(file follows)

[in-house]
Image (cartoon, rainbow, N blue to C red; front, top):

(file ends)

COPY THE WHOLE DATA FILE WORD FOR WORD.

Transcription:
[in-house]
Image (cartoon, rainbow, N blue to C red; front, top):